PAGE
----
The white light just above the astronaut's shadow is a common lunar phenomenon known as the zero-phase effect. See Jay's Apollo 11 page (http://www.clavius.org/a11rear.html) for photographs demonstrating that the 'halo' is a perfectly natural occurence.



(corrected faultly link)

<font size=-1>[ This Message was edited by: Ian R on 2002-06-03 23:46 ]</font>

jrkeller
2002-Jun-04, 04:26 AM
This looks like a good project to do on some of the software that I use for radiative heat transfer. What surface properties did you use? Do you use a ray tracing technique?

I figure I would use a 10% reflectance for the lunar surface.

By the way, your English is pretty good. A lot better than my second language of German.



<font size=-1>[ This Message was edited by: jrkeller on 2002-06-04 00:27 ]</font>

M_Welander
2002-Jun-04, 10:18 AM
Thank you. I was just using a very simple Monte Carlo radiosity solution. The surface properties were simply set up to aproximate the photographic image, and are not scientifically accurate. They do, however, work well enough to show the difference between an image where you take into account the light scattering, and one where you forget to do so.

jrkeller
2002-Jun-05, 05:12 PM
Using a completely different code, a thermal radiation code, I was pretty much able to duplicate your results.

Here's what I did.

I made a very simple, stick figure model of a suited astronaut 6ft 6 inches tall (about 2 meters)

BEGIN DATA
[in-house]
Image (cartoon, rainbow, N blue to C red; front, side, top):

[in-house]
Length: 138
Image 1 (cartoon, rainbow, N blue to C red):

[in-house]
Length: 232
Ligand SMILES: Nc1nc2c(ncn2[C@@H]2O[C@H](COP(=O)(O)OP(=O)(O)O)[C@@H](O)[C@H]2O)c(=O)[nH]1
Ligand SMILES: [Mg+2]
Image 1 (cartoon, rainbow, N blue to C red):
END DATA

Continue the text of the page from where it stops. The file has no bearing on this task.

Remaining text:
The outer surface of the suit absorbs 30% of the sunlight and of course reflects 70%

The model is then placed on a flat lunar surface 100 ft by 100 ft (32m x 32m). The lunar surface absorbs 90% of the light sunlight and of course reflects 10%.

I used a solar angle of 10 degrees above the horizon and the sun is directly begin the stick figure. I did not include any Earth illumination.

The results.

First of all, the boots reflect almost no sunlight. Above knee level, the illumination of the suit is fairly constant, but the helmet and shoulder areas are the brightest.

My predictions show that the lunar surface reflects approximately 23.5 W/m2 while the upper portions of the suit reflect 7 W/m2. For a ratio of 3.35.

When I made the lunar surface 100% absorbing, the front part of the suit no longer is visible.

To me it is obviously clear that the front part of the suit can be seen, even with the sun directly behind.

<font size=-1>[ This Message was edited by: jrkeller on 2002-06-05 13:33 ]</font>

M_Welander
2002-Jun-05, 05:55 PM
This is highly interesting, and, of course, completely consistent with how things should be if the moon landing did in fact take place.

I'm wondering what would have happened if someone had tried to duplicate the scene with two stage lights, as cosmicdave claims is the case here. My guess is that you'd end up with some pretty weird shading situations that are inconsitent with the image. I don't know, so it's just a general feeling I have.

Valiant Dancer
2002-Jun-05, 06:07 PM
On 2002-06-03 13:59, M_Welander wrote:
While I was browsing through Cosmic Dave's site for the image of the astronauts with different shadow length, I found another image he claims to be proof of the landing being filmed in a studio or another controlled environment.

I know this has been discussed before, so I'll just write a quick note about why he thinks so, and why it is wrong.

Cosmic Dave claims that the front of the astronaut can not be lit by the sun, since the sun is behind him.

The reason he is wrong is because he has forgotten to take into account the scattering of the light from the lunar surface.

To prove this, I have created two CG images of the scene. One is made with the significant error (the same Cosmic Dave made) of ignoring the scattering, and the second use correct scattering.